Even though rainwater collection for household potable water use is common on the Gulf Islands, other BC coastal communities, and the San Juan Islands, so far BC regional health authorities have not established any guidelines for the management of residential rainwater harvesting. Instead, “we” have learned from other jurisdictions where field research and health guidelines exist. In particular, Australia, Texas, Oregon and several Caribbean nations are leaders. Various sources from these regions as well as field knowledge gathered from hundreds of homeowners collecting rainwater on Gabriola, have given us some essential recommendations on maintaining your rainwater harvesting system.
Here are best practices:
- Monthly: spend about 10 minutes and do a walkabout of your system. Ensure gutters and downspouts aren’t plugged, screens are in place, pipe is not broken or leaking. Check cistern water level with a pole, gauge or tape and record in a log book. Check whole-house filters, change if needed. See that pump pressure is stable and not cycling (if it is, there may be a leak or faulty check valve). Ensure UV is on and not in alarm.
- Ensure gutters are in good condition and clean; put a screen/strainer over the gutter downspout hole to keep out mosquitoes and other insects from your pipes.
- Ensure collection cistern has leaf screen in place, hatches are closed and overflow pipe, vents are screened to keep out critters.
- Periodically – (e.g.) yearly, biennially or at a time you think is necessary, clean your cistern(s) and flush out your collection pipes.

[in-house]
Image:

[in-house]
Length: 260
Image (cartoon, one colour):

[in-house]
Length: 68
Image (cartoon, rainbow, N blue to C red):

- Though Century Cisterns are HDPE-UV-stabilized, it’s a good idea to try and screen your cisterns to help reduce sunlight intensity and moderate the water temperature.
- (We advise) you have a first-rain diverter/bypass with cleanout “knife-style” valve. Ensure it is emptied and ready to go for the next rain after an extended dry-period.
- Occasionally, add plain 5.25% household chlorine bleach to your cisterns (dose: approx ¾ – 1 cup per every 1,200 gallons of stored water) to help kill organisms that may be present. Hydrogen peroxide — 35% food grade — can be used instead (dose: approx. ¼ to ½ litre per every 1,200 gallons of stored water). Use hose or bucket to move around/ circulate water.
- During extended dry periods (e.g. greater than 7-10 days) ensure your system is ready to bypass/divert the first rain so it cleans your roof and the atmosphere of pollutants. The researched guideline on this is to allow for at least 10 gallons of rain to be diverted for every 1,000 sq ft of collection surface for a “typical roof”. If you have a piped-in first flush diverter, ensure it is empty and ready to accept the first-flush of rain. Otherwise, bypass your cistern and give a solid rainstorm about 2-4 hours of cleaning time before collecting.
- You should clean and flush your gutters, collection pipes and roof after pollen season.
- Continue diverting first rain after any extended dry period.
- Ensure system is ready to go for the big winter rains. Collect rain continuously.
- Ensure “wet collection” & supply pipes are protected from freezing by earth or insulation. If you have a “wet-pipe” collection system and extended sub-zero temperatures are forecasted, open up your clean-out/rain diverter and empty the collection pipe of water so it doesn’t freeze and crack your collection pipes!